The exercise at Holmfirth Writers’ Group on Monday asked us to reveal a secret – or make one up. Thus forcing me to divulge a little-known falsehood about my family history …..
I’ve got to reveal a secret, you say? Must I really? Well, I’d been hoping to keep this quiet, but you’ve given me no choice but to let the cat out of the bag. I don’t like to talk about it but …. I’m actually twelfth in line to the throne of Albania.
There, I’ve said it. I don’t want you to treat me any differently. Well, I suppose a quick bow or curtsey when you come into the house would be nice, now you know. And in future, when you come round for a cup of tea I’d be grateful if you could sit on the sofa and not on the throne, as I like to call it. Yes, that’s it, the armchair over in the corner with the Paisley pattern on it. But other than that, just think of me as the same old person I always was. Just an ordinary member of the public, not the scion of an ancient royal house dating all the way back to 1928.
I’ll bet you’d never have guessed this about me. Though I suppose it may help to explain certain things, such as why I like to wear that papier mache crown on special occasions. And why on Albania Day each year I dress up in military uniform and fire a cannon in the back yard.
Now you’re in the know, you can consider yourself part of my Court. I might even make you a privy counsellor, if we have such things in Albania. But, as I say, I don’t want my friends to treat me any differently. I’ve always prided myself on having friends who are of the Common People, and I’ve made it my business to come down to your level rather than be aloof or patronising.
But the Council, though, that’s a different matter entirely. As an official body, they need to know who I am, but they persistently ignore my diplomatic status as a foreign dignitary and keep sending me rent demands and parking tickets. And do they respect my polite requests to refer the issue to the Albanian embassy? Oh no. Those people have no idea how to treat a member of a royal family. They’re far too puffed up with their own self-importance.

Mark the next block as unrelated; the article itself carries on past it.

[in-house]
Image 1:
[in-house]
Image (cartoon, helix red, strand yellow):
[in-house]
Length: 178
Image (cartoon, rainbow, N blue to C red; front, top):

By the way, since you know the truth now, I was wondering if you’d like to contribute to my campaign fund. To restore the Albanian monarchy and allow my Aunty Mavis to claim her rightful throne. It’s the coin jar on the mantelpiece, next to those plastic tulips. It will help us put an end to an injustice that has been festering ever since my glorious great-great grandfather, King Zog, was forced into exile all those years ago. I’m sure that, when the great day comes, Queen Mavis will be happy to grant you an Earldom or something in recognition of your support.
Please don’t grovel like that. As I said, a simple bow or curtsey is perfectly sufficient. I don’t like to stand on ceremony. Why are you giggling? I assure you, protocol is no laughing matter. And don’t call me ‘Your Majesty’. The correct salutation for a prince of the blood royal is ‘Your Royal Highness’.
WILL YOU STOP LAUGHING!! Right, that’s it, I’m banishing you from Court. And you can forget about that peerage. Oh, why does no one understand the burdens of greatness? I bet William and Harry don’t have to put up with this crap.